29. The fuel dispensing system of claim 28, further comprising: a flange projecting outwardly from the first housing portion, the flange defining the mating surface for coupling to the outer shell of the wall.

30. The fuel dispensing system of claim 29, wherein the at least one wall of the tank is non-planar and at least a portion of the flange includes a non-planar shape that corresponds to the non-planar shape of the at least one wall.

31. The fuel dispensing system of claim 28, further comprising: a flange projecting outwardly from the second housing portion, the flange defining the mating surface for coupling to the inner shell of the wall.

32. The fuel dispensing system of claim 31, wherein the at least one wall of the tank is non-planar and at least a portion of the flange includes a non-planar shape that corresponds to the non-planar shape of the at least one wall.

33. The fuel dispensing system of claim 27, wherein the pair of redundant flexible coupling members defines an interstitial space therebetween.

34. The fuel dispensing system of claim 33, wherein at least a portion of the housing includes a stepped configuration that defines a first bearing surface and a second bearing surface spaced outwardly of the first bearing surface, one of the flexible coupling members being coupled to the housing at the first bearing surface, and the other flexible coupling member being coupled to the housing at the second bearing surface.

35. The fuel dispensing system of claim 34, wherein the second bearing surface is defined by a flange extending from the housing.

36. The fuel dispensing system of claim 27, further comprising: an L-shaped flange projecting inwardly from the housing to define a cavity outboard of the fluid conduit line, the cavity receiving an end portion of an access pipe therein.

Description:

TECHNICAL FIELD

The present invention relates generally to entry fittings, and more particularly, to tank entry fittings for use in fuel dispensing systems.

BACKGROUND

Fuel dispensing systems used at retail gas stations typically include an underground tank containing gasoline, diesel fuel or other liquid fuels, an above ground dispensing unit terminating in a nozzle adapted to supply the fuel to a motor vehicle, and a piping system interconnecting the underground tank and dispensing unit. The piping system includes a number of components that present potential leak sites in the piping system. While infrequent, to reduce the risks of fuel leaking into the environment, such components are typically located within a sump configured to contain the fuel therein in the event of a leak in the piping system. For example, the piping system may include a sump associated with the underground storage tank, referred to as the tank sump, and a sump associated with the dispensing unit, referred to as the dispenser sump. Typically, rigid, fluid-carrying conduit lines pass into and out of the sumps via openings or apertures in the wall of the sumps. The piping system further includes entry fittings at the location where the conduit lines pass through the wall of a sump so as to form a seal therebetween and prevent any fuel from leaking from the sump on the occasion of a leak in the piping system and collection of fuel within the sump.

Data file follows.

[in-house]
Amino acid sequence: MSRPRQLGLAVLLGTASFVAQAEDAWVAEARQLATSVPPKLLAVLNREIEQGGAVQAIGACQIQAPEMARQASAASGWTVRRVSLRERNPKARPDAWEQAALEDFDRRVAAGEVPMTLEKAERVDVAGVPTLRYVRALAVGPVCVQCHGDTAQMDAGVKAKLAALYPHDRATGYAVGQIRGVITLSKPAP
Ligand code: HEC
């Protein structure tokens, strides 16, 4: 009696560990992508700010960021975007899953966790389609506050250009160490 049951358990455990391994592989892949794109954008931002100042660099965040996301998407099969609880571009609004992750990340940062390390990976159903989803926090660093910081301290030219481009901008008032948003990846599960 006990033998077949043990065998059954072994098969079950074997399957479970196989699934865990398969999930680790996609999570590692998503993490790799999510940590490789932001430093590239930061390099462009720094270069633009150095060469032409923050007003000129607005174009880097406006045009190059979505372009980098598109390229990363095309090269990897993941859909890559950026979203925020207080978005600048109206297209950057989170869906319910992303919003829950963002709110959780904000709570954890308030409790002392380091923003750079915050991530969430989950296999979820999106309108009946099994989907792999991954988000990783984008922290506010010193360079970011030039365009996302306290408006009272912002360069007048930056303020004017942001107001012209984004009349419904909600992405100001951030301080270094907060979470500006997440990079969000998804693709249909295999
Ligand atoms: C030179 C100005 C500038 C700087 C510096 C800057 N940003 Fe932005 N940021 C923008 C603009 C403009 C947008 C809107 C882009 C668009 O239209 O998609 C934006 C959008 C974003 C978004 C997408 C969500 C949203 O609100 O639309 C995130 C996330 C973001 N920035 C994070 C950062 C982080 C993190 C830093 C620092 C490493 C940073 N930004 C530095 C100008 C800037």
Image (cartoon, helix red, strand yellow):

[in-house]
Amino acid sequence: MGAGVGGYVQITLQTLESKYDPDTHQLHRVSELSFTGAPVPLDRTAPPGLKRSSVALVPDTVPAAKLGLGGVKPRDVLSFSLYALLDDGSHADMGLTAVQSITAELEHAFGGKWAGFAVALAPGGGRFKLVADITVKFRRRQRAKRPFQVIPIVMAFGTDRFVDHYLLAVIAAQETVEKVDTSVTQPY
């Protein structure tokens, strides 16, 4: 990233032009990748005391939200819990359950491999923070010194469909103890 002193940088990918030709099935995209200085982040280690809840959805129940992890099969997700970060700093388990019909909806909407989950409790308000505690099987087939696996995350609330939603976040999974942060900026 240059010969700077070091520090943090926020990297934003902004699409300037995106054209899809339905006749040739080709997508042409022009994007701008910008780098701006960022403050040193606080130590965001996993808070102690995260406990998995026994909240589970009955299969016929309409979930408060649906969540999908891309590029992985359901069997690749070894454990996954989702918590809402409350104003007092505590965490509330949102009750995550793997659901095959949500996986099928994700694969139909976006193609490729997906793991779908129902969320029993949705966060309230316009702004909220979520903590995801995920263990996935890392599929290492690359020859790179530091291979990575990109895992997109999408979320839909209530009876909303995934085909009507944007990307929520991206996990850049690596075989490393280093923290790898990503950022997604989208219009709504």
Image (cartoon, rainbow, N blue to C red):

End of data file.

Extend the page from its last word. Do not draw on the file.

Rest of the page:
A variety of entry fittings are known in the art that have been developed in response to the foregoing potential problem. While these entry fittings are generally successful for their intended purposes, manufacturers continually strive to improve such fittings to meet consumer needs as well as to satisfy various governmental regulations. By way of example, some entry fittings have a generally rigid construction so as to form a seal between the sump wall and the fluid conduit. Such rigid entry fittings, however, may not provide for relative movement between the sump and fluid conduit, which may occur due to frost heave and other environmental conditions, as is known in the art. The inability to accommodate relative movement between the sump and fluid conduit may hasten failure of the seal. Other entry fittings may have a resilient construction so as to accommodate relative movement between the sump and the fluid conduit. For example, such entry fittings are typically made of flexible materials (e.g., rubber-based materials, thermoplastics, etc.). Resilient entry fittings, however, are potentially more susceptible to ozone and fuel degradation. Additionally, such resilient entry fittings may not be conducive to bonding techniques used to form the seal between the entry fitting and the sump wall. Such bonding techniques have proven reliable and are considered desirable in the industry.

In addition to the above, many current entry fittings do not readily conform to non-planar surfaces. By way of example, some sump tanks may be generally cylindrical, thus having generally arcuate side walls through which the fluid conduit(s) extend. Because the side walls have some finite curvature, traditional entry fittings designed for generally planar walls may not sufficiently conform thereto to provide a fluid-tight seal. Various ad hoc approaches must then be used in an attempt to provide a reliable seal between the sump and entry fitting.

It is therefore desirable to provide an improved entry fitting for use in fuel dispensing systems that addresses these and other aspects of existing entry fitting designs.

SUMMARY